NRA 'happy' to meet Trump but not changing position

NRA 'happy' to meet Trump but not changing position
© Greg Nash

The National Rifle Association (NRA) says it's willing to meet with Donald TrumpDonald John TrumpDemocrats ask if they have reason to worry about UK result Trump scramble to rack up accomplishments gives conservatives heartburn Seven years after Sandy Hook, the politics of guns has changed MORE but it's not changing its position on "due process & right to self-defense for law-abiding Americans."

Trump on Wednesday floated a potential ban on buying guns for people on the terrorist watch or no-fly lists, saying he wanted to meet with the NRA to discuss it.

The pro-gun organization responded in a tweet that its position has long been "no guns for terrorists — period." 

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The NRA expanded on its view in a statement Wednesday.

"Anyone on a terror watchlist who tries to buy a gun should be thoroughly investigated by the FBI and the sale delayed while the investigation is ongoing," the statement said.

"If an investigation uncovers evidence of terrorist activity or involvement, the government should be allowed to immediately go to court, block the sale, and arrest the terrorist. At the same time, due process protections should be put in place that allow law-abiding Americans who are wrongly put on a watchlist to be removed."

The NRA said Sen. John CornynJohn CornynTrump scramble to rack up accomplishments gives conservatives heartburn On The Money: Trump, China announce 'Phase One' trade deal | Supreme Court takes up fight over Trump financial records | House panel schedules hearing, vote on new NAFTA deal On The Money: Lawmakers strike spending deal | US, China reach limited trade deal ahead of tariff deadline | Lighthizer fails to quell GOP angst over new NAFTA MORE (R-Texas) and a majority of the Senate agrees, accusing President Obama of playing politics.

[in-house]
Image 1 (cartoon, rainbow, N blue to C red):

Trump tweeted earlier Wednesday he plans to meet with the NRA.

The ban on buying guns would apply to anyone on the FBI’s watchlist, even if they have not been charged with a crime. The gun lobby says this could unfairly prevent innocent people from owning firearms.

Trump's push comes after a gunman killed 49 people and injured dozens more this Sunday at a nightclub in Orlando. It is the deadliest mass shooting in U.S. history.